Get To Know Your Glasses Prescription
Nearly everyone will need prescription glasses at some point in their lives, and for many people, that time comes sooner rather than later. In the UK, it's estimated that around 70% of the population requires glasses to correct problems with their vision. And while most of us are happy to go and get our prescription from the optometrist, few of us understand what all those numbers and letters actually mean.
In this guide, we'll unpack your prescription so you can better understand your vision correction needs. We'll explain what each number and letter means, and why it's important.
What Do All Those Letters Mean?
Let's start with the basics: your prescription will always include four elements. These are Sphere (SPH), Cylinder (CYL), Axis, and Add.
Here’s a quick rundown of each one:
This measurement indicates how much correction you need for nearsightedness or farsightedness. If your number is positive, you're farsighted and will have trouble seeing objects that are close to you. If it's negative, you're nearsighted and will have difficulty seeing things in the distance.
The sphere is measured in Dioptres. If there is an infinity sign, Plano, or pl below the sphere, it means that the sphere measurement is zero and that you are neither long nor short-sighted.
The cylinder measurement shows the amount of correction you need for astigmatism. This is when the cornea (the front surface of the eye) is curved or flattened unevenly, which can cause blurry or distorted vision.
Like the Sphere, the Cylinder is measured in Dioptres. Again, if there is an infinity sign, Plano, or pl under the CYL, it means that the Cylinder measurement is zero and you don't have astigmatism.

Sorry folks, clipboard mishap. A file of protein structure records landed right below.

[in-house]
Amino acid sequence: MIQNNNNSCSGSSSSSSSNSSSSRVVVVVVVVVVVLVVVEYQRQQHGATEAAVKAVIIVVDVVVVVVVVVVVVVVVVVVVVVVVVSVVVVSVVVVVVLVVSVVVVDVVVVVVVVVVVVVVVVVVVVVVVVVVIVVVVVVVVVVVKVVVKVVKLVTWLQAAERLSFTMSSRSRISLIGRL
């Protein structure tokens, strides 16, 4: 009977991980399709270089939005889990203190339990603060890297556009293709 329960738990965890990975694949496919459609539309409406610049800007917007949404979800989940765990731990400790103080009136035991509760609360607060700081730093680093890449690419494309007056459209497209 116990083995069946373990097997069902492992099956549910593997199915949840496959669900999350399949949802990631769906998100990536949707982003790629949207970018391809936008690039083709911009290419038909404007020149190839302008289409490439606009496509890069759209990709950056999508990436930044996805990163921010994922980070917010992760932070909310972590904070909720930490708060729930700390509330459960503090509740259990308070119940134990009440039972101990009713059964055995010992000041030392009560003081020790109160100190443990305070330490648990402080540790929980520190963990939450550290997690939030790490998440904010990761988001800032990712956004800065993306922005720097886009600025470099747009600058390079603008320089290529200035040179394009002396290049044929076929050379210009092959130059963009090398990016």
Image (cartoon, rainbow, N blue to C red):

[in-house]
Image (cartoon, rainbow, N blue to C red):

The Axis tells us where your astigmatism is located on the cornea and it is measured in Degrees with values ranging between 0 and 180.
An Axis figure will only be shown if there is also a CYL value present as the Axis signifies where the astigmatism is on your eye.
ADD / Addition
Add is an abbreviation for 'Reading Addition' and measures the ‘extra’ correction needed for Presbyopia. Presbyopia is a condition that usually affects people over the age of 40 and causes the eye's lens to become less flexible, making it more difficult to focus on close objects.
The Add value is only relevant if you're ordering reading glasses or multifocal lenses and will be different for each eye.
In some cases, you may also notice a value for ‘Prism’ (PR). This measures the amount of correction needed for eye turning, or Heterotropia. This is when each eye turns in a different direction and can cause double vision. If you have heterotropia, you will likely also see a base value - this tells us which way your eye is turning.
Now for the Numbers...
The numbers shown in each box on your prescription are the measurements for each eye. The first number is always for your right eye (OD), and the second is for your left eye (OS).
OD stands for Oculus Dexter, which means ‘right eye’ in Latin.
OS stands for Oculus Sinister, which means ‘left eye’ in Latin.
Numbers range from -20.00 to +20.00, with the majority of people falling somewhere in the middle.
A plus sign (+) in front of the number means you're long-sighted, while a minus sign (-) indicates short-sight. The numbers that follow the ‘+’ or ‘-’ signs are always two decimal places. The first number indicates the Dioptre (the unit of measurement), while the second number is known as the ‘tenths’. For example, if your prescription reads +0.50 -0.75, you are long-sighted in your right eye (OD) and short-sighted in your left eye (OS).
And that's it! Now you know how to read and understand your prescription, and you can start shopping for your perfect pair of glasses.
When you're looking for glasses, you'll need to choose the right frame size, shape, and colour too. The best way to do this is to use an online glasses retailer that offers a virtual mirror feature. This way, you can try on different frames from the comfort of your own home, and find a pair that looks great.
When you've found a frame you like, simply enter your prescription details and choose your preferred lens type. Your lenses will then be custom-made and fit into your new frames, ready to be delivered straight to your door. Be sure to enter all your prescription details correctly so you can see clearly and enjoy your new glasses from the moment you put them on.
Don't forget, you can get started by browsing our collection of men's and women's glasses online. We've got something for everyone, so take a look and find your perfect pair today.
Do you have any questions about understanding your prescription? Let us know and get in touch - we're always happy to help!